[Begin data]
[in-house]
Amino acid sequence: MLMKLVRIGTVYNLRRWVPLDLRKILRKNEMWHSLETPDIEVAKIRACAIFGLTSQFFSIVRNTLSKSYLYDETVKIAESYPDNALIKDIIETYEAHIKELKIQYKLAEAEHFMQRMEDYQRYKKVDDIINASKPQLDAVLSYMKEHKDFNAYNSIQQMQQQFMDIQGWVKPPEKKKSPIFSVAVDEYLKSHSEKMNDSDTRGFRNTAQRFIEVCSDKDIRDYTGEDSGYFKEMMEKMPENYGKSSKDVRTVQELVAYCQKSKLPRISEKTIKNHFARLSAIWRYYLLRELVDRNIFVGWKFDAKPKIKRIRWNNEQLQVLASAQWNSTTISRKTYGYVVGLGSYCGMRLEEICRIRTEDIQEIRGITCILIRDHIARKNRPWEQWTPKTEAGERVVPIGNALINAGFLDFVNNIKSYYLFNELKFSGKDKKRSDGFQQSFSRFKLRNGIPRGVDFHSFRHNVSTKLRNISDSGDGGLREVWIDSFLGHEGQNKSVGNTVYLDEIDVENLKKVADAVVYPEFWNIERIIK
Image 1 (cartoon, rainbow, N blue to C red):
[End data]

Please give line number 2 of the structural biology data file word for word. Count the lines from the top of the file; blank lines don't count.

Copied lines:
Amino acid sequence: MLMKLVRIGTVYNLRRWVPLDLRKILRKNEMWHSLETPDIEVAKIRACAIFGLTSQFFSIVRNTLSKSYLYDETVKIAESYPDNALIKDIIETYEAHIKELKIQYKLAEAEHFMQRMEDYQRYKKVDDIINASKPQLDAVLSYMKEHKDFNAYNSIQQMQQQFMDIQGWVKPPEKKKSPIFSVAVDEYLKSHSEKMNDSDTRGFRNTAQRFIEVCSDKDIRDYTGEDSGYFKEMMEKMPENYGKSSKDVRTVQELVAYCQKSKLPRISEKTIKNHFARLSAIWRYYLLRELVDRNIFVGWKFDAKPKIKRIRWNNEQLQVLASAQWNSTTISRKTYGYVVGLGSYCGMRLEEICRIRTEDIQEIRGITCILIRDHIARKNRPWEQWTPKTEAGERVVPIGNALINAGFLDFVNNIKSYYLFNELKFSGKDKKRSDGFQQSFSRFKLRNGIPRGVDFHSFRHNVSTKLRNISDSGDGGLREVWIDSFLGHEGQNKSVGNTVYLDEIDVENLKKVADAVVYPEFWNIERIIK